Sometimes a couple's love isn't based wholly on love as we think of it. It's sometimes based on respect, a deep feeling that doesn't always manifest itself but is there nonetheless. This book is of such a couple - a hidden love.

This dreamy novel is based on stories told by the author's mother that are somewhat embellished by the author. Albert is the alligator, a gift to Elsie from a former lover and a reminder of her days in Florida when life stretched before her. That life was meant to be with Buddy Epsen (the real person - Google him) but when Buddy moved to New York Elsie found herself back in West Virginia and married to her high school sweetheart, the miner Homer Hickam. Albert was Buddy's gift, a memento of Florida.

Elsie remains unfulfilled with life in West Virginia, raising an alligator in a bath. When Homer tires of his housemate he gives Elsie an ultimatum - Albert or him. Elsie considers in some depth, and decides to take Albert back home to his native home of Florida. Homer gets a sabbatical period from his employer and accompanies them both on a bizarre road trip across America during the Depression era.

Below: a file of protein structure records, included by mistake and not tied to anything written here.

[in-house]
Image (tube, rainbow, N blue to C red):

On route the trio meet other real characters such as John Steinbeck and Ernest Hemingway and even appear in a Tarzan film.

Akin the "100 year old man who climbed out the window and disappeared" by Jonas Jonasson, this is a hazy novel with some real dream sequences. It's a warm, funny, uplifting book that is a love story without romance. Quite bizarre, in fact utterly mad at times, it's a wonderful summer read.

View all my reviews

Monday, 19 June 2017

Today's freebie? A boxed set of 7 David Walliams novels

Thanks to? Not sure, but thanks!


I think I've mentioned before that my first degree specialised in childrens' literature. My love of reading started early and hasn't stopped. My reading choices haven't changed, they have just widened and I don't see why boundaries of reading material need to be dictated by age.
Having children that love books also made it easy to get into new writers and each sprog has introduced me to new authors. They're getting older now though and so I'm the first in the house to have read all 7 of the books in this set.


Not that you need to have read the books to be familiar with the stories of course. Billionaire Boy, The Boy in the Dress, Gangsta Granny and Mr Stink have all been made into film adaptations with Ratburger to follow this Christmas. If you've seen any of those then you'll be familiar with the style - David Walliams' books are very stupid, very British and very, very funny.